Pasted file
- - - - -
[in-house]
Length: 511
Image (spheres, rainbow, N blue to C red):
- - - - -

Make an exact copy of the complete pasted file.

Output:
[in-house]
Length: 511
Image (spheres, rainbow, N blue to C red):